“When they use unapproved seeds, not only will farmers not have any recourse in case of crop failure, such usage also breaches environmental and health safety of consumers," said Kavitha Kuruganthi from the Coalition for a GM-Free India. “If Mahyco’s transgene was not found in the Haryana brinjal sample, we have a greater breach of biosecurity... This shows that no GM crop developing institution is safe and dependable in terms of following the prescribed biosafety norms. That is why we have been demanding that the liability (in case of a leakage) has to be fixed on the event owner."
The Green Revolution in the 1960s was vehemently opposed more or less by the same crowd that is opposing biotechnology right now, the founder of Shetkari Sanghatana, the late Sharad Joshi, a proponent of free access to markets and technology for farmers, said in a lecture following the introduction of Bt cotton in India in 2002.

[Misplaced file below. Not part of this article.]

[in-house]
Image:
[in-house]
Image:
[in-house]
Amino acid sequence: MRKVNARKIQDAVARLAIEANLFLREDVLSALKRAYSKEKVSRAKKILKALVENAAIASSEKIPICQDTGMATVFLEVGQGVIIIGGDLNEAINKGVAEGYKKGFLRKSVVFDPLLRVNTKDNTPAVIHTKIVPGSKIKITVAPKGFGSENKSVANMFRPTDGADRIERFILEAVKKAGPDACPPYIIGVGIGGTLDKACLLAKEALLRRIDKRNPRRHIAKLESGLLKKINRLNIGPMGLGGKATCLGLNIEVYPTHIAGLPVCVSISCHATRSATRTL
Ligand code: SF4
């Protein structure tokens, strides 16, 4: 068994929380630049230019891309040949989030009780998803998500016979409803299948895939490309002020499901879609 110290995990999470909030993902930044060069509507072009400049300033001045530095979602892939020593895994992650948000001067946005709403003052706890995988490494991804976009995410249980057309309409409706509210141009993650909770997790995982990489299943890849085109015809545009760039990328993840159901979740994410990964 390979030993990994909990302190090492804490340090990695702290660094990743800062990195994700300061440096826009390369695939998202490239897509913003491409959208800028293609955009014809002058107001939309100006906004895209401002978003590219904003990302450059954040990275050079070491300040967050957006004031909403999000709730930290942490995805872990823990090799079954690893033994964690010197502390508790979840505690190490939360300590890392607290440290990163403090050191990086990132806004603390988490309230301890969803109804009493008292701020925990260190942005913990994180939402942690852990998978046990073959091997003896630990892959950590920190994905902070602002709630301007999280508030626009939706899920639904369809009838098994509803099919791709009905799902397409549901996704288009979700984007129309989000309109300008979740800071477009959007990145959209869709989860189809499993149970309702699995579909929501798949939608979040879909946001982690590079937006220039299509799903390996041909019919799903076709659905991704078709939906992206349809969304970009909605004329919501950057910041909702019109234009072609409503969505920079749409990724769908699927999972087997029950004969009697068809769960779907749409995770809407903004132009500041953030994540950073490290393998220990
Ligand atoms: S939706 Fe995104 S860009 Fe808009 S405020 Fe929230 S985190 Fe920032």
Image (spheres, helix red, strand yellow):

“It was claimed that if we had the use of chemical fertilizers, pesticides and high-yielding variety of seeds, the rich will become richer and the poor will become poorer, and the Green Revolution will produce a bloody red revolution. Pandit (Jawaharlal)Nehru took extra efforts to see that the Green Revolution did not come till the end of his days. The 1965 war with Pakistan made it necessary for (then prime minister) Lal Bahadur Shastri to have recourse to that technology, and he was fortunate in getting Dr C. Subramaniam as his minister for agriculture. The Green Revolution technology was introduced, and we saw the results immediately. India soon became self-sufficient in food," Joshi had said then.
At the policy level, India’s indecisiveness on biotechnology has gained legendary proportions. Regulatory clearances have been withdrawn on political rather than scientific considerations. In 2010, after the GEAC cleared Bt brinjal for commercial cultivation, then environment minister Jairam Ramesh placed an indefinite moratorium on it. Similarly, the approval of commercial cultivation of GM mustard was withdrawn in 2017. Among scientists, it is a common refrain that biotech has no future in India.
Several companies like Mahyco (in 2016) and DowDuPont (in 2018) withdrew their applications for introducing new varieties of transgenic cotton and corn, respectively, that were pending before the GEAC. This followed the price control on GM cotton introduced by the agriculture ministry in 2016 which capped royalties payable to technology developers—which diluted India’s intellectual property rights regime as well.